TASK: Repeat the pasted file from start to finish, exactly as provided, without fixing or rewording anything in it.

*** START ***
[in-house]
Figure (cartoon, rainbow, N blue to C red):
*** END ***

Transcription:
[in-house]
Figure (cartoon, rainbow, N blue to C red):